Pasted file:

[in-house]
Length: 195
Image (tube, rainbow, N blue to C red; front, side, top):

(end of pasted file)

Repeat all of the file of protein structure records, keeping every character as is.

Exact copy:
[in-house]
Length: 195
Image (tube, rainbow, N blue to C red; front, side, top):